On Matt Olson's Decline in Strikeouts

March 16, 2022
                            On Matt Olson’s Strikeout Rate

 

            This is just a little study, took me 15 minutes to do the study but will probably take me an hour to write it up.   I had a question in "Hey, Bill" this morning about whether Matt Olson’s 2021 decline in strikeout rate is predictive of a lower strikeout rate in the future.   The answer, not to keep you in suspense, is that it definitely, definitely, definitely IS.   In a study of other players in history who have had large declines in strikeout rate in season X, more than 90% had lower strikeout rates after season X than before season X.   We just don’t see numbers like that; "more than 90%" just doesn’t happen.  But it did. 

            OK, here’s what I did.  I took every player’s strikeout rate through the end of the previous season (Season X – 1), and his at bats in the focus season (Season X).  Matt Olson through 2020 had struck out 442 times in 1,483 at bats, or 29.8% of at bats.  He was almost a .300 striker-outer, the historic standard of a quality striker-outer.  Given 565 at bats in 2021, he could have been expected to strike out 168 times.  He actually struck out only 113 times, or 55 times less than expected. 

            This is a fairly historic number; it is about the 8th highest number of all time.  It’s in the top 10.          Anyway, having figured this number for all players, I eliminated from the study any player who (a) had played less than 350 games prior to Season X, (b) played in the 19th century or the years in the early 20th century when strikeout data is missing, or (c) played in 2019 or later, since that would not give us a true read on their "subsequent" strikeout level.

The LARGEST decline in strikeouts vs. previous expectation of all time was 65, by Ed Brinkman in 1969.  Brinkman prior to 1969 had 2,644 at bats and had struck out 490 times, so, given his 576 at bats in 1969, he could have been expected to strike out 107 times.  He actually struck out only 42 times, or 65 times fewer than expected.   This is the largest number of all time.

            And you know who had the SECOND-largest decline ever?

            Ed Brinkman in 1970.   Brinkman’s low strikeout rate in 1969 reduced his "prior strikeout rate" number from .1853 to .1652, but even so, Brinkman had 625 at bats in 1970, so he could have been expected to strike out 103 times.  He struck out only 41 times, or 62 fewer than expected.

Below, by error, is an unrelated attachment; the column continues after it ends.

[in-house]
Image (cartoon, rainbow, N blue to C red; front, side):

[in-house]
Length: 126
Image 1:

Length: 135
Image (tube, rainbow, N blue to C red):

We could safely say, then, that Brinkman DID follow through on his lower strikeout rate from 1970.   Having previously struck out 105 times (1966), plus 99 times in just 447 at bats (1964) and 86 and 82 times in other seasons, he never again struck out more than 79 times, despite generally increased playing time. 

 

            Many of you will immediately remember the unusual circumstances of Brinkman in 1969.  The mound was lowered in 1969, so strikeouts were down all around the American League, and Brinkman’s team that year hired one Ted Williams to be their manager, giving Brinkman access to an unusual resource for hitters.  Some hitters benefitted from that, some didn’t.  Brinkman did.

            But before you pooh-pooh Brinkman’s achievement in cutting his strikeouts by 65 in 1969, consider this:  Brinkman HIMSELF accounted for about 10% of the major league decline in strikeouts per at bat in 1969.  The decline in strikeouts in 1969 was 60 per team in the American League, or about 720 for the league.  Brinkman declined by 65, or about 9% of the league total, and Brinkman’s decline was larger than the average decline PER TEAM.  And in the National League in 1969, strikeouts per team actually INCREASED.  They increased by 19 per team, from 950 to 969.   So. . .the individual elements of that are quite a lot larger than the league-wide elements.

            The largest decline in strikeouts by someone not named "Ed Brinkman" was by Larry Hisle in 1976.  Hisle also completely followed through on his decline in strikeouts.   Having previously struck out 162, 139, 128 and 112 times in a season, Hisle had only one more season over 100 strikeouts, that being 106, and Hisle actually had his best seasons not in 1976, when his large drop in strikeouts occurred, but in 1977 and 1978.  His big decline in strikeouts PREDICTED or Led or Anticipated his improvement in performance.